Cadence, coherence and complicity
Let me begin by saying I refuse to write a poem about this—which isn’t to say this is where the story begins. In fact, it is intellectually dishonest to claim to know exactly when it began. Was it a few months ago at a national writers’ workshop when an alleged sexual assault happened? Was it 10 days after when it was reported to the workshop director? Was it in 1994 when a poet was raped at another workshop 25 years before her story reached the surface?
What is certain is today, two years after we lamented the many faces of sexual assault within institutional frameworks, the Philippine literary community still falters at any attempt toward meaningful dialogue.
This comes in the aftermath of an alleged sexual assault incident that happened at the Iligan National Writers’ Workshop last May, and eventually brought to public attention when Angely Chi, a figure in the art circuit, posted a series of tweets naming the accused.
What soon followed was a crossfire of opinions surrounding the incident, with one particular standout statement made by the workshop director, Christine Godinez Ortega, that has since been removed from her Facebook wall. In the post, Ortega claims that the incident was a private matter and does not involve the workshop or its affiliates.
What’s worth interrogating is—perhaps these spaces that discuss matters of humanity and feminism on a pedagogical level were never really interested in confronting these things beyond theory? Or maybe, the better question to ask is: Are we just blindly pandering to the structural forces we all benefit from?
To argue the disinvolvement of institutional powers in a sexual contact that was supposedly privately negotiated between “two consenting adults” is to be uncritical of those powers. It is to undermine the social forces that influence, even manufacture, whatever consent was given—and by extension, whatever consent was withheld.
I do not seek to discredit the merit of national writing workshops. I was a poetry fellow in two of them, and have learned immensely from the experience. But to valorize one for its contributions to literary production as a way to justify acts of complicity is to betray the humanity we have long enshrined upon the craft.
Worst is, to use the facility of writing to justify assault, and even go as far as suggesting that pleasure can be derived from what was not willingly and consciously given.
In the words of poet and literary critic Conchitina Cruz, “literature is not, by default, a site of resistance.” I find that these words ring truer now when the very instrument of literature is being used to posit disingenuous claims that cast doubt on the assault survivor’s credibility, ignoring the fact that trauma often precludes awareness of one’s own assault experience, and that even by acknowledging it, there is absolutely no moral victory to be drawn.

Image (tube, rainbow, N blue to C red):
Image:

And, of course, we all know how the conversation unravels. How supposedly enlightened, cerebral beings sputter rhetorical sound bytes like “innocent until proven guilty,” which is really just a lofty way of deflecting institutional accountability, and as a means to dismiss the role of public discourse in the situation.
I do not claim to know the facts. All I know is this is not an isolated case, and there must be some structural blueprint we can navigate through to better criticize the role prestige plays in allowing these things to happen.
More importantly, as writers, we need to better negotiate our positions in the grander discourse, and the very language we use to write about these narratives—as storytellers who ultimately shape opinions in the larger world.
The situation calls for attention beyond legality. To confront the truth that these things have been happening in our backyard. To acknowledge that they may have even been legitimized by institutional protection—in environments often deemed safe for young, budding talent.
To paraphrase poet and cultural critic J. Neil Garcia during one of our conversations, “poetry arrives in the tension [between the beauty of the form and the ugliness of the subject].” There is nothing poetic about this. Just plain old ugly truth.
Alfonso Manalastas (@not_alfonso) is a poet and a spoken word artist. His poems have appeared in Likhaan: The Journal of Contemporary Philippine Literature (UP Press).
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